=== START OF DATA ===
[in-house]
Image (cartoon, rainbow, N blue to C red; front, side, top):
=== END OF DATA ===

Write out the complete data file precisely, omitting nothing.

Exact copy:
[in-house]
Image (cartoon, rainbow, N blue to C red; front, side, top):